December 2013
Volume 13, Issue 15
OSA Fall Vision Meeting Abstract  |   October 2013
Arduino-based LED stimulator system for vision research
Author Affiliations
  • Petteri Teikari
    Stem Cell and Brain Research Institute, Department of Chronobiology, INSERM, Bron, France
  • Hemi Malkki
    Cognitive and Systems Neuroscience, Center for Neuroscience, Swammerdam Institute for Life Sciences, University of Amsterdam, Amsterdam, The Netherlands
  • Benjamin Lochocki
    Advanced Optical Imaging Group, School of Physics, Belfield Campus, University College Dublin, Dublin, Ireland
  • Kate Sweater Hickcox
    Rensselaer Polytechnic Institute, Troy, New York, USA
Journal of Vision October 2013, Vol.13, P20. doi:10.1167/13.15.55
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      Petteri Teikari, Hemi Malkki, Benjamin Lochocki, Kate Sweater Hickcox; Arduino-based LED stimulator system for vision research. Journal of Vision 2013;13(15):P20. doi: 10.1167/13.15.55.

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      © ARVO (1962-2015); The Authors (2016-present)

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Light emitting diodes (LEDs) are increasingly being used as light sources in a myriad of vision research paradigms. Here we present a visual stimulator based on LEDs and an open-source Arduino microcontroller prototyping platform (Teikari et al. 2012). The system is implemented as an “Arduino shield” that can be hot-plugged on top of the commercially available 32-bit Arduino Due board. The system integrates high-current LED drivers with an additional light sensor board for a real-time closed feedback loop. The chosen LED drivers provide a dynamic range of over 4 log units for LED intensity. The shield board is designed using EagleCAD and the design files are provided for users for possible custom modification and manufacturing.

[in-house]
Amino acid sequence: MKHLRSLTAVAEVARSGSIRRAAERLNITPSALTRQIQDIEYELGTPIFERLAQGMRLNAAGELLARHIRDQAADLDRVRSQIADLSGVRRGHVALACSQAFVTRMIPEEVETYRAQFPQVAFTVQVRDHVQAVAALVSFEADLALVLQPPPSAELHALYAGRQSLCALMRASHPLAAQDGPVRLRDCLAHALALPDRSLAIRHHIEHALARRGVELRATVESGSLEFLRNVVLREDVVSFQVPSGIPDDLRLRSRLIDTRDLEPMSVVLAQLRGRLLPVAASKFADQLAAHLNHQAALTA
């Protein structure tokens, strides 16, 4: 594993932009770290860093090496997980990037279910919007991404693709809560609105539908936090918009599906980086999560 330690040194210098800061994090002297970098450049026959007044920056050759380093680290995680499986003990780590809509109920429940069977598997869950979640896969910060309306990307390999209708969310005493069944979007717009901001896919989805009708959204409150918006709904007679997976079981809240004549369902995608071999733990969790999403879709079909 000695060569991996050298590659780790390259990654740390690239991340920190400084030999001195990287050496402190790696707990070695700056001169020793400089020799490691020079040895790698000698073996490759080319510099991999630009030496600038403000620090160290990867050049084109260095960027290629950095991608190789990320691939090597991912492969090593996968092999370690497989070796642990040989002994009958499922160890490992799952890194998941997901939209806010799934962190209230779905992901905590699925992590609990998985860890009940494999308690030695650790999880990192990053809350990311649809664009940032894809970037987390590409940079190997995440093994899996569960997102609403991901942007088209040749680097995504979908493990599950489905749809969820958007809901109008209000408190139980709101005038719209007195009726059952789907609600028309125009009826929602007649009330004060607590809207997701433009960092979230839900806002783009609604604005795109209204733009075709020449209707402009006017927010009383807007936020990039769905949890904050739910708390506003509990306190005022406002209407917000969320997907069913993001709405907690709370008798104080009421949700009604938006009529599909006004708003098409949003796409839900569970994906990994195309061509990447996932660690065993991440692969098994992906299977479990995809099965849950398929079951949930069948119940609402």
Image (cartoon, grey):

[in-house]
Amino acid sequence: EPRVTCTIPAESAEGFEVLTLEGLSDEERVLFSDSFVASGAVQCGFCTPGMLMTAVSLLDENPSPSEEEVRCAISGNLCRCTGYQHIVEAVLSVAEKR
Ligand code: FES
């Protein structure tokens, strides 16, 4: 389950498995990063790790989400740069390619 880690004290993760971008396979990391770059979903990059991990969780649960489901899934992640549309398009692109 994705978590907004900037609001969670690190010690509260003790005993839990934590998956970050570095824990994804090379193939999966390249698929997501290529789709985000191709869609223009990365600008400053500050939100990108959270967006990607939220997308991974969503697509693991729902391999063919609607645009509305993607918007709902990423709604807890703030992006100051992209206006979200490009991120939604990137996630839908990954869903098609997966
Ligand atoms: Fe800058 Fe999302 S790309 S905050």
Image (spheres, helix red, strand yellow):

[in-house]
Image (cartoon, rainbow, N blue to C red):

The software interface is developed using Python programming language which, as opposed to commercial platforms such as Matlab and LabView, is available for free. Furthermore, choosing Python allowed us to integrate the proposed hardware system to the increasingly popular open-source software package PsychoPy (Peirce 2007). PsychoPy handles the presentation of stimuli and collection of data for a wide range of neuroscience, psychology and psychophysics experiments. The authors have used the system for example in heterochromatic flicker photometry and QUEST adaptive psychometric method for estimating discrimination thresholds.


Peirce JW. PsychoPy--Psychophysics software in Python. J Neurosci Methods.2007; 162: 8–13.

Teikari P, Najjar RP, Malkki H, Knoblauch K, Dumortier D, Gronfier C, Cooper HM. An inexpensive Arduino-based LED stimulator system for vision research. J Neurosci Methods.2012; 211:227–236.


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